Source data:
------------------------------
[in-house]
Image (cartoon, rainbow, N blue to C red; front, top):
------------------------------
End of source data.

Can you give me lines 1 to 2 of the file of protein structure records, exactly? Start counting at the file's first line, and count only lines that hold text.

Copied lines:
[in-house]
Image (cartoon, rainbow, N blue to C red; front, top):